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I'm trying to create an object collection proxy, which could do something like this:

class A:
    def do_something():
        # ...

class B:
    def get_a():
        return A()

class Proxy:

collection = [B(), B()]
proxy = Proxy(collection)

# ^ for each B in collection get_a() and do_something()

What would be the best architecture / strategy for achieving this?

The key question, I guess is, how to cache the result of get_a() so I can then proxy do_something()

N.B. I don't expect proxy.get_a().do_something() to return anything sensible, it's only supposed to do things.

share|improve this question
up vote 3 down vote accepted

Simple enough... you may want to adapt it to do some more checking

class A(object):
    def do_something(self):
        print id(self), "called"

class B(object):
    def get_a(self):
        return A()

class Proxy(object):
    def __init__(self, objs):
        self._objs = objs

    def __getattr__(self, name):
        def func(*args, **kwargs):
            return Proxy([getattr(o, name)(*args, **kwargs) for o in self._objs])
        return func

collection = [B(), B()]

proxy = Proxy(collection)

Results in:

4455571152 called
4455571216 called
share|improve this answer
That doesn't deal with caching calls to B.get_a() though (I first overlooked that requirement as well). But your class based approach to proxying and the memoization techniques in my answer should provide @Alex with everything he needs :) – Lukas Graf Nov 24 '12 at 23:03
Actually he doesn't want to cache it I think. He simply meant how can he store the result of the call to get_A until do_something is called. – GaretJax Nov 24 '12 at 23:05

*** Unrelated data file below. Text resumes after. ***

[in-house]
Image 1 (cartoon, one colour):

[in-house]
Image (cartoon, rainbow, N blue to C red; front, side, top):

Lukas, Garet, thanks that's what I was after. Garet, you're right, I just wanted to pipe it through so I can "chain" the next call in my code nicely. – Alex Letoosh Nov 25 '12 at 0:42

The most pythonic way of going about this would probably be a list comprehension:

results = [b.get_a().do_something() for b in collection]

If you want to cache calls to B.get_a(), you can use memoization. A simple way of doing memoization yourself could look like this:

cache = None

# ...

class B:
    def get_a(self):
        global cache
        if cache is None:
            cache = A()
        return cache

If you want to use caching in multiple places, you'll need to cache results based on keys in order to distinguish them, and for convenience's sake write a decorator that you can simply wrap functions with whose results you want to cache.

A good example of this is found in Python Algorithms: Mastering Basic Algorithms in the Python Language (see this question). Modified for your case, to not use the function arguments but the function name as cache key, it would look like this:

from functools import wraps

def memoize(func):
    cache = {}
    key = func.__name__
    @ wraps(func)
    def wrap(*args):
        if key not in cache:
            cache[key] = func(*args)
        return cache[key]
    return wrap

class A:
    def do_something(self):
        return 1

class B:
    def get_a(self):
        print "B.get_a() was called"
        return A()

collection = [B(), B()]

results = [b.get_a().do_something() for b in collection]
print results


B.get_a() was called
[1, 1]
share|improve this answer
Thanks, Lukas. Probably it wasn't clear from the question I was looking for a class-based way of doing this, as I need to provide an interface like myclass.get_a().do_something() which would iterate over it's own collection, but your answer points me in some direction, so I'll keep digging. – Alex Letoosh Nov 24 '12 at 22:45

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